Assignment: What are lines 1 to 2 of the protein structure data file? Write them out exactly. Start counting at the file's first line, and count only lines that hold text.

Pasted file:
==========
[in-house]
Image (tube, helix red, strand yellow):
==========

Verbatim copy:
[in-house]
Image (tube, helix red, strand yellow):